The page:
News / Toronto

Uber describes processes, rebuts 'safety' allegation from Toronto city official

Uber is biting back after a city official said its car-share service poses “a threat to the safety and security” of riders.

The app-based company tracks drivers — and riders — meaning it could prove safer than traditional cabs. That means situations like the one Toronto’s Alejandro Santiago found himself in recently might more easily be avoided.

Santiago, a photographer, lost thousands of dollars in equipment when a taxi drove off with his luggage. He worked with the city to track down the cab driver — and company — but wasn’t able to, eventually launching an Indiegogo campaign to replace what went missing.

Santiago’s case prompted municipal standards officer Dmitri Kritsotakis to say similar situations are likely to crop up with Uber since some drivers aren’t licenced like other cabbies.

Uber spokeswoman Lauren Altmin outlined the company’s processes for Metro. The way she describes it, the company could be an answer to losing mitts, wallets and phones to the black hold of a cab.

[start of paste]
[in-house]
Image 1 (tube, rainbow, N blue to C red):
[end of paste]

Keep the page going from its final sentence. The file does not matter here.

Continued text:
If someone loses something while using Uber, they can use the app to message an Uber employee after the car drives off, Altmin said. The company monitors feedback around the clock.

“(The employee) will go through the process, including contacting the driver to let them know something was left in the vehicle,” Altmin said. “Often times drivers will email and let us know they have a lost item.”

Riders can touch base with the driver directly, too — the Uber app lets the two call each other, without revealing actual cellphone numbers.

Last week, Toronto became the latest city to launch legal action against Uber, which is based in San Francisco and doing business around the world.

Cities like Toronto say the service is a risk to the public because it operates outside city rules.

Akrem Taxi does exist

When Alejandro Santiago realized his camera equipment was lost — perhaps even stolen — he called his bank, and tracked down the credit card transaction for his cab fare.

That led him to a company named Akrem Taxi, which neither he nor a city official could track down. The company appeared not to exist.

Akrem, it turns out, is a man: Akrem Mohammed, who contacted Metro after a story about Santiago’s situation was published last week.

Akrem’s four-month-old company, Akrem Taxi, has more than 40 credit and debit machines it rents to cab drivers, which is why his company showed up on Santiago’s credit card statement.

As for who was driving the car that picked Santiago up at the Toronto Coach Terminal in mid-October, that’s still a mystery.

“If we can get any further detail on the transaction we can pinpoint this driver that allegedly did this,” Mohammed said.

That said, he noted, the taxis drivers he deals with are “legit.”

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